by Anton Shilov
10/28/2008 | 11:40 PM
A vice president of Nvidia Corp. said in an interview that implementation of new physics effects into video games with the help of PhysX application programming interface (API) will substantially improve their appeal, which will transform into considerably higher sales numbers for titles. In addition, Nvidia believes that improved physics implementation is a key to the next level of visual effects in video games. But will it happen?
Nvidia Corp. recently enabled GeForce hardware-accelerated physics effects in its ForceWare drivers allowing gamers to enjoy improved physics effects in games that take advantage of PhysX API developed by Ageia and Nvidia. While currently implementation of physics effects is still very modest, which Nvidia admits, if game developers work hard enough on future titles, physics effects will improve dramatically. According to Nvidia’s Roy Taylor, some game developers expect their sales to go up radically once effects are improved.
Nvidia: Improved Physics
“Most of the developers and publishers will sell anywhere between 2 and 7 million copies of a good console game. They will sell on average anywhere between 0.5 – 1.2 million copies of the PC version. They do that because the PC version is very profitable (its cost of development is already paid for). All they believe is that the GPU physics gives them a second bite at the apple. It is those additional effects in the PC version, which means that the PC version might now sell in two million copies more, because if offers effects consoles just cannot process. Or even more. Those are estimates publishers are telling us about,” said Roy Taylor, vice president of content business development at Nvidia, in an interview with The Bright Side of IT blog.
In fact, PC versions of video games already do have many advantages over console versions: higher resolutions, better detailed models, more comfortable controls for certain types of video games, higher quality graphics and visual effects as well as other improvements. However, sales of PC games cannot keep up with sales of console games. One of the reasons for that are high system hardware requirements. Not a lot of gamers can acquire trophy PCs with $499 graphics cards and $400 microprocessors in order to get maximum from video games.
To make the matters worse, even highest-end graphics cards usually cannot provide enough performance in many high-profile PC titles. For example, Crysis cannot be considered as an easy game for a graphics adapter a year after release. With more physics effects that should be accelerated by graphics processing units implemented, PC video games will become even more demanding and will require not one, but two GPUs per system. Since mainstream gamers nowadays are unwilling to buy graphics cards that are more expensive than $199 - $299, it is hard to believe that they will invest twice as much just to get additional physics effects. It is even harder to believe that the market of PC gamers will expand by two times with the help of improved physics effects quality since casual PC gamers will definitely not acquire ultra-expensive graphics sub-systems to experience advanced physics.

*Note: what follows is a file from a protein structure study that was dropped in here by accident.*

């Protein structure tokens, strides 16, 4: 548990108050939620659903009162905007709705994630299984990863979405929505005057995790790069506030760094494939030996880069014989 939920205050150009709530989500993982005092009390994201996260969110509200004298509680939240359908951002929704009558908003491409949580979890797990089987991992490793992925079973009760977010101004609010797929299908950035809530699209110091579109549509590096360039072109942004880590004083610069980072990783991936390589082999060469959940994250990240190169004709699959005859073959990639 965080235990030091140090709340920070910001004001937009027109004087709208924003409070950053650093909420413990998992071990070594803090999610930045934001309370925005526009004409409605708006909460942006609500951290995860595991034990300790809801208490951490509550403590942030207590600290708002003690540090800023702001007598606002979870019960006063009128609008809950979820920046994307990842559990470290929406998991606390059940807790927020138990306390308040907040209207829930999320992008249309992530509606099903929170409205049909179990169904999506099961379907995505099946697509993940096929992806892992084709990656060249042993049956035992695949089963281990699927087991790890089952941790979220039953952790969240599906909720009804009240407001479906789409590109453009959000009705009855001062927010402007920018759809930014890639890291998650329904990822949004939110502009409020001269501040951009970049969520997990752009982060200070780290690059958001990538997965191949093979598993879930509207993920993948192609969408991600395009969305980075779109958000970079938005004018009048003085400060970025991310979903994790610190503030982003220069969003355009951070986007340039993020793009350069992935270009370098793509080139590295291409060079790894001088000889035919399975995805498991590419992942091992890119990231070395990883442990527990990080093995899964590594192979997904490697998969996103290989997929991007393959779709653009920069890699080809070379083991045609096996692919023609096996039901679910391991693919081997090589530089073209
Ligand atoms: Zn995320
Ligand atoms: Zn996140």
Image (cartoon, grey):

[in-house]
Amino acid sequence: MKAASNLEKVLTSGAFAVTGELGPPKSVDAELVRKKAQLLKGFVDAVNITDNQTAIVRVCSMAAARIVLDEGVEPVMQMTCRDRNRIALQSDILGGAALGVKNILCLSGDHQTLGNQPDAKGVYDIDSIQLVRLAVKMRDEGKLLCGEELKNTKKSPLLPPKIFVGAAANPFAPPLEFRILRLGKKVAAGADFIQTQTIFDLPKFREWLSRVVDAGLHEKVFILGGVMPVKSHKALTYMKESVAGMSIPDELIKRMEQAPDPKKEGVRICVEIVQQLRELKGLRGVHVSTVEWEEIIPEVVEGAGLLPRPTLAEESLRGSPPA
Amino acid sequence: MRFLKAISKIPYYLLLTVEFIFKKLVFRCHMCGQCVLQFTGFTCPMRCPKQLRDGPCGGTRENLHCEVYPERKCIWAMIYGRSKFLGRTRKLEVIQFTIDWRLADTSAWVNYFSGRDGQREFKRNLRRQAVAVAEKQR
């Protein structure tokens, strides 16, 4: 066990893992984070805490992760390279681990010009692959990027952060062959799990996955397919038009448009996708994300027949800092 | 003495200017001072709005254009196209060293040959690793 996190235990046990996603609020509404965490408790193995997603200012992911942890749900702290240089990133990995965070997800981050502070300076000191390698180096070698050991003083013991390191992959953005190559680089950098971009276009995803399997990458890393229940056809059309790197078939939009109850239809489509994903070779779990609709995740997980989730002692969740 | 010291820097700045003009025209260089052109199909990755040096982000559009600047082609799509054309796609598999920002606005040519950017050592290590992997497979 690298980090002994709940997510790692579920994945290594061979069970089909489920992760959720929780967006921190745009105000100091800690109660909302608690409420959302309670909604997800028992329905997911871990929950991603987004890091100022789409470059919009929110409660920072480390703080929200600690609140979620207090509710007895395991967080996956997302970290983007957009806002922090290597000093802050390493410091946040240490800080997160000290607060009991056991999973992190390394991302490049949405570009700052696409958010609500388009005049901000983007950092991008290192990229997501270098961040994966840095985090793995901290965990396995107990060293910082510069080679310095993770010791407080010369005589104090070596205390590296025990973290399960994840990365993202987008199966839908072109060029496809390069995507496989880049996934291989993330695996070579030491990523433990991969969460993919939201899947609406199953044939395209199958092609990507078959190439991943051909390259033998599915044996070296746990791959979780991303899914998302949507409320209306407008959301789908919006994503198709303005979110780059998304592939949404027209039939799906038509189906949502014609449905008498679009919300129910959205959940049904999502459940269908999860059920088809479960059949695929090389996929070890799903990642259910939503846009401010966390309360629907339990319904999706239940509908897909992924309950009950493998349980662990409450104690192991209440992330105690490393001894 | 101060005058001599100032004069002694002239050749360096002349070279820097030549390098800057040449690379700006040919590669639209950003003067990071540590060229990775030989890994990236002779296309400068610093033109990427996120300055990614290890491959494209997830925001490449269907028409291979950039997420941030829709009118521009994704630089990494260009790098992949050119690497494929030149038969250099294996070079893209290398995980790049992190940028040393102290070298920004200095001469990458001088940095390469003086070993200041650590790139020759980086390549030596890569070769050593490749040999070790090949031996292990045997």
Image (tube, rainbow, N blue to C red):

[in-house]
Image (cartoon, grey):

Advanced Physics Implementation Is “The Only Viable Way to Enhance Interactivity”
Physics effects add visual appeal, but do not affect gameplay. For example, it is still impossible to destroy a building or a wooden door in video games, which means that actual realism is pretty low. If implementation of physics effects is relatively easy, the implementation of gameplay physics is a tough task that requires a lot of effort from game developers. But Nvidia claims that eventually physics effects will affect gameplay too.
“Physics gameplay is whole another ballgame. This requires a lot of work on developer side, so we expect that it will take time to implement. Physics gameplay is introducing the in-game physics at a higher level, so that you can entirely change the game. […] These [effects] are what we call physics effects, and these were just the examples coming from the games we’re working on,” said Mr. Taylor.
In general, Nvidia believes that enhancements of physics effects is the only way to improve interactivity and quality of video games, hence, high-quality physics implementation can be considered as a new revolution in visual computing.
“The new world of physics started last month, with the introduction of our beta driver that did GPU-accelerated physics scaling. Now, developers are going to have a whole new world to think about when it comes to physics development. We need new levels of interactivity, and we strongly believe that physics is the only viable way to enhance interactivity,” said Roy Taylor.